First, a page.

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Eyeing the Legacy of the Carter Presidency

The Meriwether Vindicator of Greenville, Georgia

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At 90 years of age, former President and Georgia native Jimmy Carver begins what will likely be a public battle against cancer, which has already spread to his brain.

So far we have considered the man and the politician. In the final part of this series, we look at the legacy of the Carter presidency.

Jimmy Carter was elected as President in 1976, and served a single term before being ousted four years later. Quite a lot happened during that single term.

For those of you who enjoy beer, especially those produced by home brewers and micro-brewers, thank Jimmy Carter as it was largely due to his efforts the American beer industry was deregulated. In response, the home brew and microbrew industries have grown like crazy.

CARTER was responsible for establishing the Love Canal Superfund. For you school students who have never heard of this, two schools and 500 homes had to be demolished, and 800 famines had to be relocated.

Carter deregulated the airline industry.

Unlike Barack Obama, Jimmy Carter was awarded the Nobel Peace Prize for actually accomplishing something. Carter worked tirelessly to bring peace to the Middle East, and after being voted out of office continued that work around the world. The Nobel Prize was presented to him in 2002.

Jimmy Carter was always, and continues to be, a man of peace.

Unfortunately, sometimes a firm hand is needed and in that respect Carter proved woefully lacking.

TAKING OFFICE in the aftermath of Watergate, Carter proved incredibly popular.

Four years later, Carter's approval ratings were abysmal. He again won the Democratic nomination, but suffered a humiliating defeat in the General Election. He would only win three states, with one being Georgia.

So what happened?

During those four years, Carter gave away the Panama Canal. He granted amnesty to those men that fled to Canada to avoid the draft during the Vietnam War. He considered re-instituting the military draft and he signed the SALT II nuclear arms reduction treaty with Soviet leader Leonid Brezhnez. He proved to be a staunch proponent of taking guns away from people who could legally own them.

The Soviet Union invaded Afghanistan. Carter's response was to boycott the 1980 Summer Olympics. In no way did this negatively impact the Soviet Union. Instead, it only served to punish American athletes, some of whom had trained for years to compete in the Olympics. The boycott was seen as a weak response at best, and further capitulation at worse. This would come back to haunt Carter.

During the Carter presidency, the United States suffered through a severe time of inflation and recession. The press, once among Carter's major ardent supporters, coined the phrase "stagflation" in criticizing the severe economic problems at least partly caused by his policies.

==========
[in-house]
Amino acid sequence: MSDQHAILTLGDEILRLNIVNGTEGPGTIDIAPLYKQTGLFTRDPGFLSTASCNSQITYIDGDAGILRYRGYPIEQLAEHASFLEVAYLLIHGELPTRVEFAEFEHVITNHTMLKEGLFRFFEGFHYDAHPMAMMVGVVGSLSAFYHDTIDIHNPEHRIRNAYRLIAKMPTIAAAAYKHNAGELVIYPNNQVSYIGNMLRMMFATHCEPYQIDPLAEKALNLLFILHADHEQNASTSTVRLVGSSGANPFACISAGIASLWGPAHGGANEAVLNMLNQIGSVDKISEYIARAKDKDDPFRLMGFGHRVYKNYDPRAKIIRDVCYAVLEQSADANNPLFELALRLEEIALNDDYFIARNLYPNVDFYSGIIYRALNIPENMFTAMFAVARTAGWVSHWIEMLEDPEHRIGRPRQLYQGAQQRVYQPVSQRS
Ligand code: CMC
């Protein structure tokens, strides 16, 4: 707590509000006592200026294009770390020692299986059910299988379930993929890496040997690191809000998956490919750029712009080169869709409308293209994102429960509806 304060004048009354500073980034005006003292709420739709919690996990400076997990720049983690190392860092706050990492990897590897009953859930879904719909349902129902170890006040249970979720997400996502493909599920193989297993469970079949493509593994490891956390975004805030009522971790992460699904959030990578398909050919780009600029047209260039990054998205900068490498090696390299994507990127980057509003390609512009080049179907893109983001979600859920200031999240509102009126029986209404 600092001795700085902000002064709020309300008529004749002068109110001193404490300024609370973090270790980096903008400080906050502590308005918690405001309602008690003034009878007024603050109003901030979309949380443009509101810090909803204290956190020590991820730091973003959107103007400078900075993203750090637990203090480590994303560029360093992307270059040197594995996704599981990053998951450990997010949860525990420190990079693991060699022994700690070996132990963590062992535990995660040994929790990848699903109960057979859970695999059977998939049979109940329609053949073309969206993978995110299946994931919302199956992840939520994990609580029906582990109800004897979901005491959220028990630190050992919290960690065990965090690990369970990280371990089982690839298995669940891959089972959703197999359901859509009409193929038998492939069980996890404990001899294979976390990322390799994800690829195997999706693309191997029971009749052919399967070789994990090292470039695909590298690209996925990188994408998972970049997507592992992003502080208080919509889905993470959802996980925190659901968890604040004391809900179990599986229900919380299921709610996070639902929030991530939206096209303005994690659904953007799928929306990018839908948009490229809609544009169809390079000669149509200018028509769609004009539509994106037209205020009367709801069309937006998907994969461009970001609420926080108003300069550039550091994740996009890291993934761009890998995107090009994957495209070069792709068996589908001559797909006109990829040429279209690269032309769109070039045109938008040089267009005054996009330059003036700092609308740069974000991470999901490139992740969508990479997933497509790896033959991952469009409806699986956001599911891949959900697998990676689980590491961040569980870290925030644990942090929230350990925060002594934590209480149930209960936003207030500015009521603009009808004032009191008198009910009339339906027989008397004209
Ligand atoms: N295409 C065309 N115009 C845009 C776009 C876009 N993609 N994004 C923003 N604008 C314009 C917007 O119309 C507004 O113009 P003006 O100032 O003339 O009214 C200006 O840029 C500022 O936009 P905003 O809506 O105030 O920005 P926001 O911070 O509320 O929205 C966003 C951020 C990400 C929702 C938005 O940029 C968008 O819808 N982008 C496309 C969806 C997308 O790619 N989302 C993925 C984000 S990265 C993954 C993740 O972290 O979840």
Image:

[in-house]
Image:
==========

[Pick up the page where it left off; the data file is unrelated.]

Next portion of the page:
Each of these actions angered and frustrated different segments of the population.

But there was one event which will always and forever cast shame upon the Carter presidency.

EMBASSIES are considered to be sovereign territory of their home government. An attack on an embassy is an attack on that country.

In 1979, while Carter was President, the American Embassy located in Tehran, Iran, was attacked and briefly occupied several times. In one attack, a U.S. Marine was injured, kidnapped, beaten and tortured.

Carter had already shown an unwillingness to utilize military force.

On Nov. 4, an Iranian woman approached the embassy gates with metal cutters hidden under her chador — or robes — to cut the chains locking the embassy's gates. It has been reported the Marine guards were ordered not to use deadly force in resisting Iranians storming the embassy.

The Iranians captured 52 Americans and held them hostage for 444 days.

A man of peace, Carter was proved woefully inadequate in dealing with the situation.

Instead of taking action immediately, five months later an ill-fated rescue attempt was made, but the effort failed miserably costing the lives of eight military personnel.

Seeing the president and country emasculated on the world stage, the major media turned on Carter with even Walter Cronkite ending each CBS Evening News program telling how many days Americans had been held hostage in Iran.

The hostage situation was likely the single event that caused Carter to lose the election, putting Ronald Reagan in the White House. The hostages were released almost immediately after Regan's inaugural address ended.

There are many who believe Reagan would have taken much stronger action against Iran and the release of the hostages was timed to prevent that.

Deserved or not, the presidency of Jimmy Carter will forever be equated with and defined by the Iranian Hostage Crisis, and deemed an embarrassing failure.

That's my opinion.

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Original Publication Date: September 11, 2015

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